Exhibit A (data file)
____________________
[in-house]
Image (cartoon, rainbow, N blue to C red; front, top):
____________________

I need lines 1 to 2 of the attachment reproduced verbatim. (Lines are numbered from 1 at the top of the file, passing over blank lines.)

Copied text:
[in-house]
Image (cartoon, rainbow, N blue to C red; front, top):